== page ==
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Americans are taking antibiotics that are unnecessary and potentially harmful, according to a recent report from the Centers for Disease Control and Prevention.
The report evaluated antibiotic overuse nationwide, using information from 17 studies conducted between 2000 and 2016. It found that doctors regularly overprescribe medication for patients they see in office visits, hospitals and nursing homes. They also frequently prescribe too many doses and the wrong types of antibiotics, such as powerful broad-spectrum drugs rather than more-targeted ones.
"All antibiotics can have serious side effects, so when they are used inappropriately it's all risk and no benefit," says Marvin M. Lipman, Consumer Reports' chief medical adviser. "And every time an antibiotic is used, whether its use is indicated or not, there is always a chance of causing bacterial resistance so that it becomes useless in the future."
Outpatient settings (medical and dental offices, emergency departments, urgent-care clinics): Here, the CDC offers a bit of good news. Between 2011 and 2014, antibiotic prescriptions written in doctor's offices and clinics dropped by 5 percent. "There has been a concerted effort over a number of years to really reduce antibiotic use for colds, coughs and illnesses that don't require antibiotics," says Lauri Hicks, director of the CDC's Office of Antibiotic Stewardship.
But still, in 2015, one-third of antibiotic prescriptions dispensed from pharmacies outside hospitals were unnecessary. Most were given to people with upper-respiratory conditions, which are often viral; antibiotics are effective only against bacterial infections.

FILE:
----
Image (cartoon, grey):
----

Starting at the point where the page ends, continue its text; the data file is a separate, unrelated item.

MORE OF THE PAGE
Hospitals: Despite the CDC's push to reduce antibiotic overuse in hospitals, half of hospital patients still receive antibiotics.
Also concerning is that doctors are writing more in-hospital prescriptions for very potent antibiotics rather than more-conservative ones. This can lead to serious, potentially deadly infections such as carbapenem-resistant enterobacteriaceae (CRE) and Clostridium difficile (C. diff).
Nursing homes: Although there's less research on antibiotic use in eldercare facilities, the CDC report found that up to 75 percent of such prescriptions given to people in nursing homes are inappropriate. According to data from early 2014, 11 percent of U.S. nursing home patients, who may be at greater risk of C. diff, are taking antibiotics on any given day.
These steps will help safeguard against antibiotic overuse:
●Get antibiotics only when you need them. If the doctor recommends an antibiotic, ask whether it's necessary and whether the drug is the first-line treatment for your illness.
●Be wary of fluoroquinolones. These powerful medications can have dangerous side effects, including permanent, disabling damage to the central nervous system, muscles, joints and nerves. If your doctor prescribes a fluoroquinolone, such as ciprofloxacin (Cipro and generic) and levofloxacin (Levaquin and generic), for common infections such as bronchitis, sinus infections and urinary tract infections, question it.
In a nursing home:
●Question whether you or your relative need an antibiotic, if one is prescribed. Staff shouldn't test for or treat a urinary tract infection unless symptoms such as frequent, bloody or cloudy urination, pain during urination, or fever are present.
●To avoid spreading bacteria, insist that staff members wash their hands before they touch you or your loved one.
In a hospital:
●Ask whether the antibiotic your doctor wants to prescribe is the first-line treatment for your condition. Fluoroquinolones can make people especially prone to a C. diff infection.
●Insist that hospital staff members wash their hands when they enter your room and that the room is cleaned if it looks dirty.
●Bring disinfectant wipes for commonly touched objects, such as doorknobs and the TV remote.
●Ask daily whether a catheter and other tubes, such as those for a ventilator, can be removed. These increase your risk of serious infection.
●If you have to be shaved, request that staff use an electric shaver rather than a razor. Razor nicks can provide an opening for bacteria.
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